Commentary Magazine


Posts For: May 2, 2011

Now This Is Great TV

Via Bad Rachel, I present to you perhaps the finest piece of television of the 21st century and a peculiarly fascinating example of the freedom we’ve helped bring to Iraq:

Via Bad Rachel, I present to you perhaps the finest piece of television of the 21st century and a peculiarly fascinating example of the freedom we’ve helped bring to Iraq:

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What You Need to Know about E. J. Dionne

The Washington Post’s E. J. Dionne has weighed in with another of his measured, analytically rigorous, I’m-allergic-to-double-standard columns, this time on the debt ceiling. According to Dionne,

Starting this week, the talk in our nation’s capital will be dominated by whether or not Congress should raise the debt ceiling—as if we have any choice but to pay off our obligations. It will be a colossally foolish and self-destructive battle, another sign of how fanaticism and ideological obsession are rendering our country ungovernable.

Dionne had particularly harsh words for Marco Rubio, the Florida Senator who said:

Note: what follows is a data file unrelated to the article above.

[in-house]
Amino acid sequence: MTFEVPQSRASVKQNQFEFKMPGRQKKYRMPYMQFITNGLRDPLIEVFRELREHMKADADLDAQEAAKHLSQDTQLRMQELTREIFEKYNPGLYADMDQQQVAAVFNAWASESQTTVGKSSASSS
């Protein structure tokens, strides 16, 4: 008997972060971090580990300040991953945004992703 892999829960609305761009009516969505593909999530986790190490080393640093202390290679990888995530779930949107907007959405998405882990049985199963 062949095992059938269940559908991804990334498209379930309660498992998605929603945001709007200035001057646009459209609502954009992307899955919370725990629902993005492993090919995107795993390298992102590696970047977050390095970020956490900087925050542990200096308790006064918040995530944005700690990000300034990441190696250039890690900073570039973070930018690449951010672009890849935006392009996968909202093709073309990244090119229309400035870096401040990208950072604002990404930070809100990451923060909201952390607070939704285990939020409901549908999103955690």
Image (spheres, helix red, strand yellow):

The fact that we are here today to debate raising America’s debt limit is a sign of leadership failure. It is a sign that the U.S. Government can’t pay its own bills. It is a sign that we now depend on ongoing financial assistance from foreign countries to finance our Government’s reckless fiscal policies. … Increasing America’s debt weakens us domestically and internationally. Leadership means that “the buck stops here.” Instead, Washington is shifting the burden of bad choices today onto the backs of our children and grandchildren. America has a debt problem and a failure of leadership. Americans deserve better. I therefore intend to oppose the effort to increase America’s debt limit.